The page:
Tribal Beneficial Uses
On May 2, 2017, the State Water Resources Control Board adopted Resolution 2017-0027, which approved "Part 2 of the Water Quality Control Plan for Inland Surface Waters, Enclosed Bays, and Estuaries of California—Tribal and Subsistence Fishing Beneficial Uses and Mercury Provisions" (ISWEBE Plan). Through Resolution 2017-0027, the State Water Board established three new beneficial use definitions for use by the State and Regional Water Boards: Tribal Traditional Culture (CUL), Tribal Subsistence Fishing (T-SUB), and Subsistence Fishing (SUB) beneficial uses. These beneficial uses may be designated by regional water quality control boards through the basin planning process on inland surface waters, enclosed bays, or estuaries in the state. The CUL, T-SUB, and SUB beneficial use definitions below are set forth in full:
Tribal Tradition and Culture (CUL)
Uses of water that support the cultural, spiritual, ceremonial, or traditional rights or lifeways of California Native American Tribes, including, but not limited to: navigation, ceremonies, or fishing, gathering, or consumption of natural aquatic resources, including fish, shellfish, vegetation, and materials.
Tribal Subsistence Fishing (T-SUB)
Uses of water involving the non-commercial catching or gathering of natural aquatic resources, including fish and shellfish, for consumption by individuals, households, or communities of California Native American Tribes to meet needs for sustenance.
Subsistence Fishing (SUB)
Uses of water involving the non-commercial catching or gathering of natural aquatic resources, including fish and shellfish, for consumption by individuals, households, or communities, to meet needs for sustenance. *
*The SUB beneficial use does not mention "California Native American Tribe" in its definition but is grouped with the CUL and T-SUB beneficial uses because it may still be of interest to, and can still be utilized by California Native American Tribes, tribal members, as well as other interested persons or members of the Public.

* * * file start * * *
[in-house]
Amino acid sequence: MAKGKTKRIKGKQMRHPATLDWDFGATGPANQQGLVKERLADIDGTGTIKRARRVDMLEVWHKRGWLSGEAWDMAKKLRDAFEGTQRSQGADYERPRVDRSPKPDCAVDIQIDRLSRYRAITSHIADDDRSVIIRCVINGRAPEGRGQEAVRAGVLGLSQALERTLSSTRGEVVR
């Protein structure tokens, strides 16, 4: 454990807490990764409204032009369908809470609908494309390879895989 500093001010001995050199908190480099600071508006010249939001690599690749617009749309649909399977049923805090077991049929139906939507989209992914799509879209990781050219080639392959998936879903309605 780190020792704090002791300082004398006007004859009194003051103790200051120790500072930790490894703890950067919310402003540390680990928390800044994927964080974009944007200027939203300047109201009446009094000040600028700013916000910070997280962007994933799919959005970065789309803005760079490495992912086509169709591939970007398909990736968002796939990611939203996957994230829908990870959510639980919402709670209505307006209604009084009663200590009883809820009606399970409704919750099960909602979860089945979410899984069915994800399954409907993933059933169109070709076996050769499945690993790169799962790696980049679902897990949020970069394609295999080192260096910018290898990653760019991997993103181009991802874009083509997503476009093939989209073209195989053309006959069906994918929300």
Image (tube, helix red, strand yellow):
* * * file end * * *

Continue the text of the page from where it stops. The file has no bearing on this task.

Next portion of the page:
The CUL and T-SUB beneficial uses will help to protect activities specific to Native American Culture and Tribes' historic uses of California's waters, including practices not covered by existing beneficial uses. The functions of these beneficial uses are not to protect or enhance fish populations or aquatic habitats. Fish populations and aquatic habitats are protected and enhanced by other beneficial uses, including but not limited to, Fish Spawning, Migration of Aquatic Organisms, Aquaculture, Warm Freshwater Habitat, and Cold Freshwater Habitat.
Confidentiality and Tribal Beneficial Uses
In general, the regional water quality control boards do not designate specific locations but instead designate stretches of rivers or creeks or whole water bodies. There is no need to specify the exact location of the practice or activity. For traditional and cultural uses, information would need to be established about the practice to get an understanding of the risk involved and the nexus to water quality so the appropriate water body or water body segment may be designated. Such information would be public information and not confidential.
The Central Valley Water Board will be conducting formal consultation as part of all TBU designations. Early engagement on the designation of waters will include discussion of a Tribe's interest to maintain the confidentiality of traditional and cultural practices at the outset.